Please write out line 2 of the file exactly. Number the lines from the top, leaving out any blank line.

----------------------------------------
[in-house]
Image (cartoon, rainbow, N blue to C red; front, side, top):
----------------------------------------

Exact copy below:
Image (cartoon, rainbow, N blue to C red; front, side, top):